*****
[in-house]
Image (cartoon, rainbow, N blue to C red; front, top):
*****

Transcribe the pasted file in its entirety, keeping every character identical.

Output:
[in-house]
Image (cartoon, rainbow, N blue to C red; front, top):